Culture Industry Reconsidered
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Culture Industry Reconsidered (orig.: Résumé über Kulturindustrie), was written in 1963 by Theodor W. Adorno, a German philosopher who belonged to the Frankfurt School of social theory. The term "cultural industry" first appeared in Dialectic of Enlightenment (1947), written by Adorno and Max Horkheimer.
In the essay Cultural Industry Reconsidered, Adorno replaces the expression "mass culture" with "culture industry". This is to avoid the popular understanding of mass culture as the culture that arises from the masses. He prefers the term "culture industry" because of the commodification of the culture forms or artistic objects. He believes that cultural forms create a means of income for their creators, so profit has become more important than the artistic expression. Hence, culture has turned into an industry and the cultural objects are looked at as products. One of the characteristics of cultural industry is that it intentionally integrates both the high and low art.
By referring to the term "industry", Adorno does not point to the production process. Instead he is looking at the "standardization of the thing itself" and to the rationalization of distribution techniques, and not strictly to the production process. It is industrial more in a sociological sense, in terms of incorporation of the industrial forms of organization, even though nothing is manufactured.
He also makes clear the difference between the technique used in cultural industry and the technique used in works of art. In the works of art the technique refers to the formal organization of the object, with its inner logic, whereas in cultural industry it refers to the distribution and the mechanical production. Thus technique in cultural industry is external to the object, whereas in the works of art it is internal.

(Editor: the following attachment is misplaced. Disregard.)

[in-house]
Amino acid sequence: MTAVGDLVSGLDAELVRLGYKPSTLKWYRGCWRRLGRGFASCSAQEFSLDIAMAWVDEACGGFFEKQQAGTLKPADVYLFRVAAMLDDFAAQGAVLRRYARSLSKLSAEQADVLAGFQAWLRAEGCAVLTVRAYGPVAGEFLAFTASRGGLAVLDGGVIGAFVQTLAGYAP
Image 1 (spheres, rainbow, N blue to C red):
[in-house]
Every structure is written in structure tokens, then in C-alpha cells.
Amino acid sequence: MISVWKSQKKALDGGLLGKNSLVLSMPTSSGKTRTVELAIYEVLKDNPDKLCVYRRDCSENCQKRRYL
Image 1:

Adorno says that the masses are secondary and are "an appendage of the machinery" in the cultural industry. He argues that the culture industry claims to bring order in the chaotic world. It provides human beings with something like a standard and an orientation, yet the thing that it is claiming to preserve is actually being destroyed. The essay also makes a reference to Walter Benjamin’s theory of the "aura".[clarification needed] It says that the culture industry doesn’t have an alternative to the aura. Hence, it is going against its own ideologies. Adorno's concept of culture industry indicates the necessity for rethinking his theory of mass culture.
- Stanford Encyclopedia of Philosophy: Theodor Adorno
- JumpCut: Adorno on film and mass culture: The culture industry reconsidered by Thomas Andrae
- Soundscapes: Culture Industry Reconsidered by Adorno. From: New German Critique, 6, Fall 1975, 12-19 (translated by Anson G. Rabinbach)
- Dialectic of Enlightenment, Stanford University Press (2007) ISBN 0-8047-3633-2